Re: Understanding why <tag></tag> is the way it is (wa
On 8/3/07, M. David Peterson <m.david@xxxxxxxxxxxxx> wrote: > NOTE: While this may seem off-topic for XSL-List, I would argue that based > on the various problems associated with the rendering of HTML via an XSLT > transform and <tag></tag> and <tag/> this is really and important topic > closely related to XSLT from several different perspectives.
In my tests this only renders bold in IE, not in Firefox or Opera which render it just fine.
I tripped over this in the real world when I was decorating a <div> area that may have been left empty in the input XML, thus the XSLT processor validly put out an empty element using the abbreviated syntax. On IE the formatting for the <div> bled to the end of the page.
The XSLT workaround I tell my students is to place another construct in the field, and in the production job I ended up using an empty comment, which produces the following when the input is empty:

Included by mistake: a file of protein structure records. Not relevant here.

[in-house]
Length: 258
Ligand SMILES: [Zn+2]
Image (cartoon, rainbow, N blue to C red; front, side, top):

... or the following when the input is non-empty:
A while back I used to ask frequently why we couldn't have a switch to tell the serializer to output <b/> as <b></b> and the general response was "why?"...
I don't think standards writing should be geared around malfunctioning tools. A lot of that is attempting to be done these days.
In the end though it was my problem, and the solution was to ensure the final transform in the chain used the HTML output method (and then the XHTML output method came along and the problem went away).
The XHTML output method only came with XSLT 2.0 ... in XSLT 1.0 you are obliged to use the XML output method to get XHTML (which is still XHTML but without the compatibility guidelines).
So in summary, the answer is to parse HTML with an SGML parser, and XML with an XML parser and be aware which one the browser is using to parse what you've given it.
But in the production job where I experienced this the output was going to 10,000 desktops with unknown browsers.
Having to code around the browser bug was bad enough ... influencing the writing of standard specifications around browser bugs is going too far.
I hope this helps.
. . . . . . . . . . . Ken
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